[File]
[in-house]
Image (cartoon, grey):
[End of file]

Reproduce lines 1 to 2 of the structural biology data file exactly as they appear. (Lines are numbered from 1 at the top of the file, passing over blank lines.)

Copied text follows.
[in-house]
Image (cartoon, grey):